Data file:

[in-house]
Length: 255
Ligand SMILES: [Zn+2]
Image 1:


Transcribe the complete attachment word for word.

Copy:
[in-house]
Length: 255
Ligand SMILES: [Zn+2]
Image 1: